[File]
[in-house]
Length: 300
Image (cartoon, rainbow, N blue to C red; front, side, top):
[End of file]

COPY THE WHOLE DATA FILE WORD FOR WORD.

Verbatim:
[in-house]
Length: 300
Image (cartoon, rainbow, N blue to C red; front, side, top):